Likely to be Carolina’s first and last time in the Carrier Classic, it magnified the Tar Heel basketball program and in turn helped recruiting. Don’t you know the other 10 teams in the ACC, plus even Duke, were envious over all the attention being bestowed on this special night. More than one coach around the country must have mumbled to himself, “How the hell are we going to compete with that!”
 
For obvious reasons, the Navy and U.S. government had no expense in this endeavor. All the money passed through the promoter (Morale Entertainment), World Wide Leader (ESPN) and major sponsors (Quicken Loans and State Farm), thus costing each school a ton to take its traveling party across the country. But, even in times of budget cuts and athletic scrutiny, this was one bill worth paying.
 
Once the game began, it seemed a bit anticlimactic. Shots and free throws were clanging, and most of Michigan State’s success was lunch pail stuff on the offensive glass. After Carolina ramped up its defense, the talent differential in the two teams became apparent. The Tar Heels are loaded and deep off the bench, and when they get back to just playing basketball  will be one tough out in any game.
 
Despite the backdrop and emotion, the Carrier Classic was not without its commercialism. At halftime, State Farm sponsored a shooting contest involving super model Brooklyn Decker, a Charlotte native and Carolina fan who is married to yet another A-Rod (tennis star And Roddick; with Yankees star Alex Rodriguez and Packers QB Aaron Rodgers, the nickname is suddenly not so special).
 
Honorary team captains were Magic Johnson, the multimillionaire Michigan State alum, and James Worthy, stepping in at the last minute for Michael Jordan who had an “unspecified commitment” (a late tee time in Cabo, perhaps, now that the NBA remains in lockout?). Tyler Hansbrough also made an appearance along with a litany of other stars from the sports and entertainment world. There was even a concert for the troops after the game ended and the stands were cleared.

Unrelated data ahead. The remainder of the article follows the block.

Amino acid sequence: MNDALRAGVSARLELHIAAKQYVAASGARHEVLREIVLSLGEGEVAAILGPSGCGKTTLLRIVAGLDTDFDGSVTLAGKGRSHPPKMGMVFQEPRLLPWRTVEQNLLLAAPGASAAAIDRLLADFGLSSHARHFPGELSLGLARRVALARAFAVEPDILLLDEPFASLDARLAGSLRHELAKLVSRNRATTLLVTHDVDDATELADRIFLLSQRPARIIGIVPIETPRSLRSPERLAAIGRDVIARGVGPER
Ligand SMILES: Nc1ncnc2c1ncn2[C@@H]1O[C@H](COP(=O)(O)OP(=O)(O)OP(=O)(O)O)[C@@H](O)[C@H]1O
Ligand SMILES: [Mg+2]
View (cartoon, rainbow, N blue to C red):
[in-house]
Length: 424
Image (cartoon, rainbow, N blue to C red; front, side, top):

ESPN reminded us they would be back at 7 p.m. Tuesday night from Madison Square Garden, where Michigan State would be playing Duke in what could be Krzyzewski’s 903rd career win, surpassing his mentor Bobby Knight, who surpassed our mentor Dean Smith five years ago. The assumption was that Coach K would win Nos. 901 ad 902 over the weekend, which he accomplished after barely surviving unknown and underrated Belmont University later Friday evening.
 
So now the scene shifts to New York and the media frenzy that will surround the new “winningest” coach in college basketball history – unless Izzo’s front line can handle Duke’s. Not much downside there since Duke returns home to play Davidson Friday and K can break the record before the Cameron Crazies.
 
Within a four day span, the two monster programs eight miles apart will get more isolated coverage than during March Madness, and whether it happens early this week or late Krzyzewski will own the most wins among major college coaches – something Smith accomplished when he passed Kentucky’s Adolph Rupp 15 seasons ago at the 1997 NCAA Tournament in Winston-Salem.
 
For those Tar Heels who are sad the massive spotlight that began the weekend shining on your heroes has shifted to the team and coach you love to hate, here are a few things to consider.
 
Roy Williams could very well win his third national championship on April 2 in New Orleans, which would put him only one behind Krzyzewski’s four, and with ol’ Roy still bringing in the recruiting hauls through at least the 2017-18 season, two or three more titles is not out of the question.
 
As for the coaching record, Williams started too late to catch Krzyzewski, who is likely to work the refs five more years until he’s 70 and won more than 1,000 games. But there is one thing we can say about Roy’s guru that you cannot say about both Coach Ks (Knight and Krzyzewski).
 
When the Dean broke the record, he had coached fewer seasons than either of them – and won all his games at the same school. So there.